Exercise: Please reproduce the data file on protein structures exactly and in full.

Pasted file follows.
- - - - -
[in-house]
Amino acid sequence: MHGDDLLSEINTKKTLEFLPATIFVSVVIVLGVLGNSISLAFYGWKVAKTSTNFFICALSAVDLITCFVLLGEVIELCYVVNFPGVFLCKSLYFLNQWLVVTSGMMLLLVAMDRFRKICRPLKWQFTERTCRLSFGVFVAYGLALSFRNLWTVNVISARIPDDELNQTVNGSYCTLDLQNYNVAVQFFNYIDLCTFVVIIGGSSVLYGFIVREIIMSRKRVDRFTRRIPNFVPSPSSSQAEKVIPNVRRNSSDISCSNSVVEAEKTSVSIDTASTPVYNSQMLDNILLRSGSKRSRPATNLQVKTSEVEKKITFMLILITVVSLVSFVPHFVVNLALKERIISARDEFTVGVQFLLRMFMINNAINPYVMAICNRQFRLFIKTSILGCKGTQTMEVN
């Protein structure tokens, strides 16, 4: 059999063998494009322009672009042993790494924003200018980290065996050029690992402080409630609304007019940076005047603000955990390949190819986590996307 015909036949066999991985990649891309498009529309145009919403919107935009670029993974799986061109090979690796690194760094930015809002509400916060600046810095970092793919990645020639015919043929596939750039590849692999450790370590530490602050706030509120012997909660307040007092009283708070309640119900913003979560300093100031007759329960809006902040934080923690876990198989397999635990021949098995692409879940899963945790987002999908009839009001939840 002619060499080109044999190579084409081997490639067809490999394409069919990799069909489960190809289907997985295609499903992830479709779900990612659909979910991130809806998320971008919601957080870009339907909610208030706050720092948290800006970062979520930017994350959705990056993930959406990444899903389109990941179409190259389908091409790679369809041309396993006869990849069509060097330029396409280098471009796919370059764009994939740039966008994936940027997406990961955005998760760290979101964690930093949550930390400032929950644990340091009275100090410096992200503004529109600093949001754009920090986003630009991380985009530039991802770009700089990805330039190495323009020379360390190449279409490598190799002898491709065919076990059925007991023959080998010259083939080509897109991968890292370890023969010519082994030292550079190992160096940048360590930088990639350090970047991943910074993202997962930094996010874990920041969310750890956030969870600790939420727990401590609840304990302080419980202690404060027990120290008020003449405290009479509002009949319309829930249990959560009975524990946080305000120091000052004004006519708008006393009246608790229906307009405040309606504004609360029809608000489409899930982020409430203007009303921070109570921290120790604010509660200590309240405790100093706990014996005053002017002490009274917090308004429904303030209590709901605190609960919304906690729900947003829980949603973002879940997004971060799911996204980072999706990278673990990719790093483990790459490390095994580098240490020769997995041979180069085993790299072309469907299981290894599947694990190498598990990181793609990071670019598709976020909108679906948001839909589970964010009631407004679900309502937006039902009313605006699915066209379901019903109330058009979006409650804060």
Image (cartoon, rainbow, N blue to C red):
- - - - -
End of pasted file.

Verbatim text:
[in-house]
Amino acid sequence: MHGDDLLSEINTKKTLEFLPATIFVSVVIVLGVLGNSISLAFYGWKVAKTSTNFFICALSAVDLITCFVLLGEVIELCYVVNFPGVFLCKSLYFLNQWLVVTSGMMLLLVAMDRFRKICRPLKWQFTERTCRLSFGVFVAYGLALSFRNLWTVNVISARIPDDELNQTVNGSYCTLDLQNYNVAVQFFNYIDLCTFVVIIGGSSVLYGFIVREIIMSRKRVDRFTRRIPNFVPSPSSSQAEKVIPNVRRNSSDISCSNSVVEAEKTSVSIDTASTPVYNSQMLDNILLRSGSKRSRPATNLQVKTSEVEKKITFMLILITVVSLVSFVPHFVVNLALKERIISARDEFTVGVQFLLRMFMINNAINPYVMAICNRQFRLFIKTSILGCKGTQTMEVN
């Protein structure tokens, strides 16, 4: 059999063998494009322009672009042993790494924003200018980290065996050029690992402080409630609304007019940076005047603000955990390949190819986590996307 015909036949066999991985990649891309498009529309145009919403919107935009670029993974799986061109090979690796690194760094930015809002509400916060600046810095970092793919990645020639015919043929596939750039590849692999450790370590530490602050706030509120012997909660307040007092009283708070309640119900913003979560300093100031007759329960809006902040934080923690876990198989397999635990021949098995692409879940899963945790987002999908009839009001939840 002619060499080109044999190579084409081997490639067809490999394409069919990799069909489960190809289907997985295609499903992830479709779900990612659909979910991130809806998320971008919601957080870009339907909610208030706050720092948290800006970062979520930017994350959705990056993930959406990444899903389109990941179409190259389908091409790679369809041309396993006869990849069509060097330029396409280098471009796919370059764009994939740039966008994936940027997406990961955005998760760290979101964690930093949550930390400032929950644990340091009275100090410096992200503004529109600093949001754009920090986003630009991380985009530039991802770009700089990805330039190495323009020379360390190449279409490598190799002898491709065919076990059925007991023959080998010259083939080509897109991968890292370890023969010519082994030292550079190992160096940048360590930088990639350090970047991943910074993202997962930094996010874990920041969310750890956030969870600790939420727990401590609840304990302080419980202690404060027990120290008020003449405290009479509002009949319309829930249990959560009975524990946080305000120091000052004004006519708008006393009246608790229906307009405040309606504004609360029809608000489409899930982020409430203007009303921070109570921290120790604010509660200590309240405790100093706990014996005053002017002490009274917090308004429904303030209590709901605190609960919304906690729900947003829980949603973002879940997004971060799911996204980072999706990278673990990719790093483990790459490390095994580098240490020769997995041979180069085993790299072309469907299981290894599947694990190498598990990181793609990071670019598709976020909108679906948001839909589970964010009631407004679900309502937006039902009313605006699915066209379901019903109330058009979006409650804060």
Image (cartoon, rainbow, N blue to C red):